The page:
So, we could shorten Ph.D. programs to four to five years.

    Year 1: directed readings and teaching.
    Year 2: teaching, exams, and writing grants.
    Year 3: research.
    Year 4 (and year 5, if necessary): writing and possibly teaching.

    P.S. This problem might be related to the post earlier this week on anthropology’s suicide. Coursework might be useful to mastering Continental philosophy. Continental philosophy is not helpful in teaching about culture, doing research about culture, or doing service to the profession.

  17. Just finished a PhD in Ethnomusicology which is very similar in its requirements and structure to Anthropology. Our funding is cut off after 4 years so… you just make it happen.

    Bob Roberts , well put:
    “I have often wondered if graduate programs had ever thought about what they students will do in the future. For example, professors teach, research, and do service to the profession. I really do not think most programs have thought “How can we prepare students to succeed in these three activities?” ”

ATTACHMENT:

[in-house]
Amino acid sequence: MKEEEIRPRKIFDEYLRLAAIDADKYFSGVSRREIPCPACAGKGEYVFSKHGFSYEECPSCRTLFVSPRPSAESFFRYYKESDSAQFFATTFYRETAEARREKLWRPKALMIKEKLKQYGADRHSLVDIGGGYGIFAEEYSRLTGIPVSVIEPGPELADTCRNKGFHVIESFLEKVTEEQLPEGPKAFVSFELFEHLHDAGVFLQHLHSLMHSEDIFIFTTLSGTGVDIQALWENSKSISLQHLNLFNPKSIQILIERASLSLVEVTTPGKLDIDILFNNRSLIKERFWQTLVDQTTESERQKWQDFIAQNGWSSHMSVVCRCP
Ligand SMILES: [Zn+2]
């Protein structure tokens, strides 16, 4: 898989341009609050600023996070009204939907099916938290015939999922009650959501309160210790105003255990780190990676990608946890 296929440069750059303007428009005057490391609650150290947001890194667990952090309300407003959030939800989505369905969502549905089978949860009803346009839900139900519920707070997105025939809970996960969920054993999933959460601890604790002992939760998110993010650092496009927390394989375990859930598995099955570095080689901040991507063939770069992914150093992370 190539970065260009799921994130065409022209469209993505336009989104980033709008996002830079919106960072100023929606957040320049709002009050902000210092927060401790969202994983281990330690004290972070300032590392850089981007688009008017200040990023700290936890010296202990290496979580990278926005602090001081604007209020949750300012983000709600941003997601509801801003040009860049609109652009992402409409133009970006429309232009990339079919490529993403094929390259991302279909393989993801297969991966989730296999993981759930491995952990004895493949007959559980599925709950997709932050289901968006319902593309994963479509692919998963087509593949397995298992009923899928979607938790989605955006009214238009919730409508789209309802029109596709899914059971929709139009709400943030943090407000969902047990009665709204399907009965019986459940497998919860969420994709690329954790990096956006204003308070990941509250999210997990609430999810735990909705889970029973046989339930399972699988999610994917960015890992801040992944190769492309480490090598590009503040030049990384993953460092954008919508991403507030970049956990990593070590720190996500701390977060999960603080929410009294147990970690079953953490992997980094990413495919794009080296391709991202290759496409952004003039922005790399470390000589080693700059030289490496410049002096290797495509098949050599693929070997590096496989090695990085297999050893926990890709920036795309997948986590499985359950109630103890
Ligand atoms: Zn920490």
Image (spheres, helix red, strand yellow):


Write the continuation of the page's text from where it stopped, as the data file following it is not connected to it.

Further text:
Here’s our schedule:
    Year 1: coursework
    Year 2: coursework in Term 1/ Major field & language exams in
    Term 2
    Year 3: Fieldwork, research and writing
    Year 4: Fieldwork, research, writing and finishing

    We TA throughout for the dough and experience. It’s breakneck and basically requires that your have a head start on your languages or fieldwork before beginning. It’s difficult to publish much or do additional teaching and still get through.

    5 years seems like a saner pace.

  18. So, from reading all the comments it seems that it is possible to graduate in 5 years if (a) you are in a school system which specializes earlier and offers more opportunities for post-graduate study or (b) your personal biography means you don’t need as much specialized training or financial support.